FIG. 1 is a drawing of a first embodiment of an ISA collecting device for the analysis of nucleic acids.

FIG. 2 is a drawing of second embodiment of an ISA collecting device for the analysis of nucleic acids.


The invention broadly comprises a method to immobilize biological and cellular specimens on a matrix for measuring and detecting target nucleic acids in the specimens. In accordance with the present invention, the preferred embodiment of the device comprises a matrix that is of a thin, flat shape rather than spherical or cuboidal, wherein a biological specimen is brought into contact with the surface area of the matrix and then dehydrated by evaporation. Dehydration is more rapid if the matrix is thin. Dehydrating is significant because the volume of the original sample may be larger, relative to the reaction volume, than if the sample was introduced as a liquid into the same reaction volume. In other words, dehydration is a way to concentrate the cells or virions containing nucleic acids from an aqueous, liquid biological sample and process more nucleic acid analytes in a smaller reaction volume and in a smaller space. A membranous matrix comprising more thread-like fibers and smaller fiber diameters increases the surface area of binding sites to immobilize all of the different components of a biological specimen. Additionally, a surface area with more binding sites than needed to adhere just the cells also serves to bind and effectively sequester those molecules which may inhibit nucleic acid modifying and amplifying enzymes.

The capillary air space in a fibrous matrix causes liquids and soft tissue cells to flow and spread throughout the matrix. This wicking or absorbing property of fibrous matrix materials causes more cells to adhere to a fibrous matrix having an outer dimension equivalent to an area of a smooth, flat glass slide. Different biological tissues vary considerably in cell density and in the viscosity of their intercellular matrix material. A fluid tissue such as whole blood is expected to wick further into the void spaces of a matrix than a tissue such as adenoids that are less fluid. A matrix comprised of a low density of fibers will contain a larger specimen volume than a high density matrix with a lesser void volume. The physical dimensions and composition of the matrix are selected on the basis of the general size and viscosity of the specimen so that the density of its fibers is sufficient to absorb the liquid volume of the specimen and immobilize the cellular components.

Individual cell clusters, or cells comprising desired characteristics, may be identified visually or microscopically and collected by physical contact with a fibrous matrix. The matrix containing the selected cellular specimen may be dried and analyzed for specific DNA and RNA content without isolating nucleic acids from the cellular material. A 33 millimeter square area may immobilize upwards of 200,000 cells from a biological specimen; however the sample may only need to contain ten to twenty cells or gene targets for amplification in order to increase the number of target copies to a detectable level. The capacity of a fibrous matrix to immobilize cells, is a desirable feature to incorporate into a device for analyzing genetic targets.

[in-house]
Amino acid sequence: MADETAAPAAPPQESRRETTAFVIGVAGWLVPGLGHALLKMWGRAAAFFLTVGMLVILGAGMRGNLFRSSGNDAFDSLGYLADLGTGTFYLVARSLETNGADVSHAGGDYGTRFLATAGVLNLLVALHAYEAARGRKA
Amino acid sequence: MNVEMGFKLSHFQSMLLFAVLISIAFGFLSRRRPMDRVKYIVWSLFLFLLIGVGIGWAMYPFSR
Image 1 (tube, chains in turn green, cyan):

The number of cells needed in a diagnostic sample is determined statistically based on whether the target nucleic acid sequences occur commonly or rarely in a cell population. A fibrous matrix having one-eighth inch sides (3.2 millimeters) and a depth of 0.020 to 0.040 inch (0.5-1 millimeter) that is filled with a fluid layer has a volume equivalent to 5-10 microliters less the space filled by the fibers. Reducing the total reaction volume to a range of 5-25 microliters will conserve reagents and lower costs.

In cases where nearly all the cells in a specimen are expected to contain the target sequence, only a few cells are needed in order to amplify genetic sequences present even at only the single copy level per cell. The specimen surface area needed for a few cells is in the range of less than 100 square microns and the volume of reagents is in the range of a few picoliters. In cases where the target is expected to be a rare event, the specimen surface area may be accordingly increased in order to contain around 25 microliters of reagents for thousands of cells. Liquid droplets of cells dry onto a planar surface with cells affixed generally in a monolayer, if the cells are not too concentrated in the solution. Embedded or frozen tissue is routinely cut into 4-10 microns sections that are nearly a monolayer or at most a few cells thick. With the device of the invention, cells are collected and immobilized similarly in a monolayer-like arrangement, but by means that do not involve embedding in a liquid media phase that solidifies for microtome sectioning. The immobilized, dehydrated specimen preserves labile mRNA and is directly accessible for the diffusion of amplifying and hybridizing reagents.

The dimensions of small fibrous matrix pieces, and a device for handling and enclosing them in a reaction chamber, will depend upon the density of cells and other biomolecules in the specimen. It is expected that specimens containing more cells and biomolecules will occupy more surface area of the matrix, depending on their ability to flow. The reaction volume needs to provide sufficient reactants so as not to limit biochemical activity. The surface area of the fibrous matrix used should not be in large excess of what is needed to immobilize the specimen since the remaining reactive sites on the matrix may bind the amplification enzymes, primers and nucleotides, labeled or not, limiting their availability for the amplification or detection reaction. Using 0.01% BSA in immobilized sample amplifications is routine as a precaution to cover reactive sites on matrix materials that may interfere with enzyme activity.